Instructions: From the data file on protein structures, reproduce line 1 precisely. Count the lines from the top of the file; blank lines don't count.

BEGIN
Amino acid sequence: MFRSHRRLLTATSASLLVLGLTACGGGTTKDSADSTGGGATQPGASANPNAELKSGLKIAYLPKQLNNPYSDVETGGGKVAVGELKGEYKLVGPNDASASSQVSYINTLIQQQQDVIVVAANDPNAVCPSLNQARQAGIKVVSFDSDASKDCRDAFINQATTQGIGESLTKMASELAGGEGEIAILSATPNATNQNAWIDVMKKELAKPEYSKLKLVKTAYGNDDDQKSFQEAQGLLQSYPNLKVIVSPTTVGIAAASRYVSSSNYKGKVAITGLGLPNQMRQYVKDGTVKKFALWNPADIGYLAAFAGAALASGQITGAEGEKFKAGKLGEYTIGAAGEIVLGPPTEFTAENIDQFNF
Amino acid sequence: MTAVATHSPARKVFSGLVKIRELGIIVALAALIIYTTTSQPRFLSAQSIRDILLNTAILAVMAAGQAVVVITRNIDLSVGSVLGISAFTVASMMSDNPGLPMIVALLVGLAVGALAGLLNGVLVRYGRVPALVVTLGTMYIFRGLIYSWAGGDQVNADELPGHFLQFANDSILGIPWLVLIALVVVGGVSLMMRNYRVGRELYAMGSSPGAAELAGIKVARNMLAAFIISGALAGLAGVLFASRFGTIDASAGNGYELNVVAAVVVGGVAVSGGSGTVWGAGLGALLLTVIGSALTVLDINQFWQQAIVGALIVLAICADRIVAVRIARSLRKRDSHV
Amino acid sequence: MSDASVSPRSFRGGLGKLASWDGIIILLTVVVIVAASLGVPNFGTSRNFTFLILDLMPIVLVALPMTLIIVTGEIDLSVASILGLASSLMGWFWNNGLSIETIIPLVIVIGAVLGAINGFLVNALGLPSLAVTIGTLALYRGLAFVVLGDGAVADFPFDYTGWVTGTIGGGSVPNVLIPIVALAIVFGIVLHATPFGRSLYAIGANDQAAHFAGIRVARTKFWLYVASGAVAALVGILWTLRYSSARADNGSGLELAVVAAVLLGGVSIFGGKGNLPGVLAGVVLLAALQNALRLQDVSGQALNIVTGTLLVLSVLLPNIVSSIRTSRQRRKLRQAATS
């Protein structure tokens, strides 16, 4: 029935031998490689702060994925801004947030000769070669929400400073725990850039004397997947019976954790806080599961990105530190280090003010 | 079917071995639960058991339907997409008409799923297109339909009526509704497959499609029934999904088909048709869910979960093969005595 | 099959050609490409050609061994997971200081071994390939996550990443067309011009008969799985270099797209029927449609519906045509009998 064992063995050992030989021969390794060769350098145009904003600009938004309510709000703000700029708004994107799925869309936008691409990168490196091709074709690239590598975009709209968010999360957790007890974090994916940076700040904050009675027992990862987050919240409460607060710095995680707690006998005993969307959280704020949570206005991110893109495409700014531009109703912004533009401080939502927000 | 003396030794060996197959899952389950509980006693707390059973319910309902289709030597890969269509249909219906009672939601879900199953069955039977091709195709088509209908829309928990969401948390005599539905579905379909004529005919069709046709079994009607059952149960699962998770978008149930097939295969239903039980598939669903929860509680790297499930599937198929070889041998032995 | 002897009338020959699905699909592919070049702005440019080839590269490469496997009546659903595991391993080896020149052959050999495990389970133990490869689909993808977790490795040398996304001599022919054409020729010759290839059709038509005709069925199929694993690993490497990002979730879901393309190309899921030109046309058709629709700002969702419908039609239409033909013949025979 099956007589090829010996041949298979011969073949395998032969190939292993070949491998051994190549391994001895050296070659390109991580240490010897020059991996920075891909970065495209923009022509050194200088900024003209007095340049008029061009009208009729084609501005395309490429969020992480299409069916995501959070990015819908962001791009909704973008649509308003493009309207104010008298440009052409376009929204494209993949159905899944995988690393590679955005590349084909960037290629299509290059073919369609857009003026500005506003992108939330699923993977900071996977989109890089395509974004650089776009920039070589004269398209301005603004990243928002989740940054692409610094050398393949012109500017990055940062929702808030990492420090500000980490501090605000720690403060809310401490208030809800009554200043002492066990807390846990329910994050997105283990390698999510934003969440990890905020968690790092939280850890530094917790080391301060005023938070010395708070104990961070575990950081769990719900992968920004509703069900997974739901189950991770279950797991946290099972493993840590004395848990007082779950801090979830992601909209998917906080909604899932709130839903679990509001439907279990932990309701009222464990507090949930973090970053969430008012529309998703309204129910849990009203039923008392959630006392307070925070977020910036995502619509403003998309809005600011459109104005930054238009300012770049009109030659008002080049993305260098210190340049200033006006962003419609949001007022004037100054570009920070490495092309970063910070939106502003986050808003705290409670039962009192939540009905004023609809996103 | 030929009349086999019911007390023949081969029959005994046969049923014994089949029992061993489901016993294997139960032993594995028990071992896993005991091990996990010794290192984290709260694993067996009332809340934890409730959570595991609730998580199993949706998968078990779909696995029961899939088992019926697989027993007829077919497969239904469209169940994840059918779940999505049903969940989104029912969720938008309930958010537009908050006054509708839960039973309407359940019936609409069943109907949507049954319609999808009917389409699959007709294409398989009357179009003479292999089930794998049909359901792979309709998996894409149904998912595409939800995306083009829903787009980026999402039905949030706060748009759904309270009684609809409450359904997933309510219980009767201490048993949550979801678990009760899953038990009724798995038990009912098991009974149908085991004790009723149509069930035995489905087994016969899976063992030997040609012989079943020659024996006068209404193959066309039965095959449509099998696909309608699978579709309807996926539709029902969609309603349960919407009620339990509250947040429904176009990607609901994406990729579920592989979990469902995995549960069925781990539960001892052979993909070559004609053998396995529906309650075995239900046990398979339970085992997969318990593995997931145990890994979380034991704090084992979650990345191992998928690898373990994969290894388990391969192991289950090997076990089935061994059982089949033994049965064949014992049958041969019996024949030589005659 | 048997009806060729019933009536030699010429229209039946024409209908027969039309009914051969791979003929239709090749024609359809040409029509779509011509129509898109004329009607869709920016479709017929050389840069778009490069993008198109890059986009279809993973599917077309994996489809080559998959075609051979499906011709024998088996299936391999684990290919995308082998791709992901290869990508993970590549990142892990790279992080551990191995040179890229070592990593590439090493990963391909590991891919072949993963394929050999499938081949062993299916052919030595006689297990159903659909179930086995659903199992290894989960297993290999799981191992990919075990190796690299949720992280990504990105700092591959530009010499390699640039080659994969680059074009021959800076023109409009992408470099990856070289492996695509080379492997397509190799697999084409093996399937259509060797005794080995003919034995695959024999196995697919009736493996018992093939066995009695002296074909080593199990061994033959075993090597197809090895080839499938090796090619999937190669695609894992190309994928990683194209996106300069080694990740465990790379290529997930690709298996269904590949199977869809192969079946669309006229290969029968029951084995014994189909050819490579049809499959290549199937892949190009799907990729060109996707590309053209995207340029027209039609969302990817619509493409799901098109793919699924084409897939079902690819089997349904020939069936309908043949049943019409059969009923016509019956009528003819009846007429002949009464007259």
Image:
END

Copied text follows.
Amino acid sequence: MFRSHRRLLTATSASLLVLGLTACGGGTTKDSADSTGGGATQPGASANPNAELKSGLKIAYLPKQLNNPYSDVETGGGKVAVGELKGEYKLVGPNDASASSQVSYINTLIQQQQDVIVVAANDPNAVCPSLNQARQAGIKVVSFDSDASKDCRDAFINQATTQGIGESLTKMASELAGGEGEIAILSATPNATNQNAWIDVMKKELAKPEYSKLKLVKTAYGNDDDQKSFQEAQGLLQSYPNLKVIVSPTTVGIAAASRYVSSSNYKGKVAITGLGLPNQMRQYVKDGTVKKFALWNPADIGYLAAFAGAALASGQITGAEGEKFKAGKLGEYTIGAAGEIVLGPPTEFTAENIDQFNF